Saturday, May 7, 2016

Stevie Nimmo and Ben Poole - Oran Mor, Glasgow, 6 May 2016

Don’t you just love it when a gig really comes together, and you find yourself having a damn good time?
In a recent interview Stevie Nimmo observed that he no longer gave a shit about conforming with any music industry expectations.  And why the hell should he, when he and his band deliver performances like this?
Towards the end of this set they give an outing to ‘The Storm’, a song by the late Glasgow
Stevie Nimmo - walking on the moon
legend Big George Watt, and Nimmo shows just what he’s made of on guitar.  There’s a mountainous, howling solo early on, but then there are subtle shifts in mood before he delivers another stunning solo, shimmering and then piercing, and it feels like he takes it all the way to the moon before bringing it back.
And that’s just one highlight among many tonight.  On the Allman Brothers song, ‘Gambler’s Roll’, which to be honest I found one of the less interesting moments on his new album Sky Won’t Fall, Nimmo demonstrates that he’s on top form vocally too.  More than that, the contributions of Mat Beable on bass and Craig Bacon on drums show that the Stevie Nimmo Trio are more than just a group, they’re a team.
It was like this from the kick-off, with the urgent ‘Roll The Dice Again’, and then the gutsy, fuck-off-defiant ‘Still Hungry’, which features great bass from Beable.
‘Running On Back To You’ – “as bluesy as I get nowadays”, says Nimmo – is based on a delightful guitar lick with a teasing final upstroke, and is delivered with real feeling.  Meanwhile on ‘Change’ they fall into an effortless groove, swinging with ease – you can easily imagine some female backing vocals adding to its vibe.
On a cover of Storyville’s ‘Good Day For The Blues’ they demonstrate that they can also do a more laid back, Southern feel, but with set closer ‘Lovin’ Might Do Us Good’ they really hit the bullseye.  It’s a Bacardi Breezer of a song - light and funky and succeeding in getting a good few asses shook.
Ben Poole - finger picking good
They come back on with co-headliner Ben Poole, and the estimable Steve Watts on keys, to shake the foundations with a fearsome rendition of Jeff Beck’s ‘Going Down’, and Nimmo and Poole have great fun cranking out the riff while Watts showcases on organ.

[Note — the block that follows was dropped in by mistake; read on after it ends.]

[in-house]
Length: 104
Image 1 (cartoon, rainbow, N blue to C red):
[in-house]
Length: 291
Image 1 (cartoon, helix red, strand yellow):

It’s a great ending to the night, and one that gives Poole another share of the spotlight after his satisfying set earlier in the evening.  The sexy ‘Let’s Go Upstairs’ is a strong opener, and Poole’s qualities are underlined on ‘Love Nobody No More’, a strong piece of songwriting done justice by his quavery, soulful vocal, finger-picking guitar, and nice harmonies.  Accompanied by the B&B rhythm section of Beable and Bacon, and with Watts on keyboards, the playing is rock solid.
‘Longing For A Woman’, with its ‘Norwegian Wood’-like descending bass line, is the inspiration for a fierce Telecaster solo, laden with tension.  In contrast ‘Lying To Me’ is chunky and funky, with Bradley Wiggins lookalike Watts coming over all Stax-like, and a syncopated feel to the middle section.
Poole and Nimmo take it to the limit
But if these songs demonstrate Poole’s potential, there are times when he could do with some more discipline.  He opens the Freddie King classic ‘Have You Ever Loved A Woman’ with an overlong solo guitar and vocal intro, which is a pity, because once the band kick in things get back on course.  Beable and Bacon are rock steady, Poole finds a pleasingly pinging, twanging guitar tone to complement his husky vocals, and Watts’ organ gives the whole thing balance.
He’s at it again on the Gary Moore-inspired ‘Time Might Never Come’.  The song has a yearning chorus and a neat resolving guitar chord to the riff, but the whole is somehow less than the sum of its parts.  Poole gets into a gutsy solo, full of deep and rich tones, but takes far too long to get to the heart of it, and then lapses into a spell of vacuous shredding before getting back on track.
No matter.  The Brighton boy has the bones of a great, soulful sound, and he can write a good song.  He reminds me of Aynsley Lister, but has yet to acquire Lister’s poise and balance.  Touring with Stevie Nimmo will hopefully be an effective learning experience for him.

No comments:

Post a Comment